E.C.C.O. 20th Anniversary Barcelona 2011

Dobrusskin, Sebastian Hutchings, Jeremy D.; Dobrusskin, Sebastian (eds.) (2016). E.C.C.O. 20th Anniversary Barcelona 2011 Brüssel: E.C.C.O. – European Confederation of Conservator-Restorers' Organisations

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E.C.C.O., the European Confederation of Conservator-Restorers’ Organisations, celebrated its 20th anniversary in 2011. Since its foundation in 1991, E.C.C.O. has had an impact on European policies for the preservation and maintenance of cultural heritage, working to achieve legal recognition of Conservator-Restorers and promoting a high level of education and training in this profession. At present, E.C.C.O. unites 24 member associations from 22 European countries and one international body, representing close to 6000 professional Conservator-Restorers. The commemoration of E.C.C.O.’s 20th anniversary took place in Barcelona, Spain, on the 4th and 5th of April 2011. The meeting was impressively organised and thanks are due to Agnès Gall-Ortlik and the Catalonian member association of Conservator-Restorers. The occasion brought together founding members, Presidents and delegates of its member organisations. The continuing commitment of the professionals present to both the pro-fession and to E.C.C.O., was clearly evident, and for the founding members this commitment has lasted at least as long as the history of E.C.C.O. The passion with which this commitment is voiced underlines the importance of cultural heritage and clearly demonstrates the engagement and the mark E.C.C.O. leaves on the mind. Former Presidents and founding members willingly shared not only memories but their thoughts and critical reflections on the present situation and recent developments in the field. Younger professionals presented their views and their efforts to continue to improve the status of this profession in contemporary society. Their contributions in Barcelona have been collated for this publication. Contributions from members of the E.C.C.O. and ENCoRE committees have been added in the second half of the publication, setting the presentations in Barcelona into context and providing an overview of E.C.C.O.s past and present work. This documents the efforts and results of the last 20 years, which helps to pave the way forward for the next 20 years. E.C.C.O. has taken the input from the discussions both during the Barcelona meeting and at subsequent General Assemblies, together with repeated discussions within the Committee and consulta-tion with its members and partners as the basis for its Strategic Plan 2015. The updated vision and mission statement places greater emphasis on the purpose of our profession, which is to “safeguard cultural heritage for society through high standards of professional Conservation-Restoration practice”. This highlights the fundamental role of this profession as a facilitator in the engagement of society with its cultural heritage. The change of perspective that it represents originates from a number of European projects that E.C.C.O. has led or been a partner (namely APEL and following the formulation of “European recommendations for Conservation-Restoration of Cultural Heritage” together with ICCROM and ENCoRE). Such projects offer an important forum for communication with other stakeholders in the field. Conservator-Restorers are often transdisciplinary actors within a multidiciplinary field representing research, practice and education aimed at preserving and gaining appropriate social benefit from cultural heritage. Effective working practice and valid results may be achieved only through good collaboration and high quality outcomes delivered by the different contributors. This requires clearly defined areas of competence for the different actors involved and delineation between their role in the decision making process. Recognition of the role of the Conservator-Restorers in the safeguarding of cultural heritage and their relationship with other professions in the field is a prerequisite for promoting these professionals as decision makers and team players. Since access to Cultural Heritage is a human right the work of the Conservator-Restorer makes a significant contribution towards the public interest. This responsibility requires ensuring that the necessary level of qualification and accountability of the practicing Conservator-Restorer is obtained and upheld. Therefore E.C.C.O. aims for an appropriate legal framework and tries to achieve this through projects like APEL, the E.C.C.O. Guidelines or the Competences for Access to the Conservation-Restoration Profession. It is essential that legislation recognises the unique nature of Conservation-Restoration and it central role within the cultural heritage sector. This publication has developed since it started from a brochure of about 32 pages to this book with over 200 pages. More and more articles were added to the papers from the conference, demonstrating the continuous work of E.C.C.O. and part of its historic development. Due to the limited time the committee members can spend on E.C.C.O. work and given the more critical nature of other work such as the development and publication of the Strategic Plan and it’s implementation – it took longer than expected to finish E.C.C.O.’s 20th Anniversary publication. In spite of this we hope you agree that it is an important addition to the growing corpus of E.C.C.O. publications.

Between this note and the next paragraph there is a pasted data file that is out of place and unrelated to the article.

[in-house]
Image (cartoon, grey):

Item Type:

Book (Monograph)

Division/Institute:

Bern Academy of the Arts
Bern Academy of the Arts > Institute Materiality in Art and Culture
Bern Academy of the Arts > HKB Teaching

Name:

Hutchings, Jeremy D.;
Dobrusskin, Sebastian0000-0003-0326-4960 and
Dobrusskin, Sebastian0000-0003-0326-4960

Subjects:

J Political Science > JN Political institutions (Europe)

ISBN:

978-92-990072-7-3

Publisher:

E.C.C.O. – European Confederation of Conservator-Restorers' Organisations

Language:

English

Submitter:

Sebastian Dobrusskin

Date Deposited:

19 Feb 2020 14:11

Last Modified:

01 Oct 2021 08:51

URI:

https://arbor.bfh.ch/id/eprint/8317